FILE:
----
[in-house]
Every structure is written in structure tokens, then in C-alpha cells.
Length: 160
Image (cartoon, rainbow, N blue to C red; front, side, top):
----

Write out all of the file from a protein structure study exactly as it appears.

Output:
[in-house]
Every structure is written in structure tokens, then in C-alpha cells.
Length: 160
Image (cartoon, rainbow, N blue to C red; front, side, top):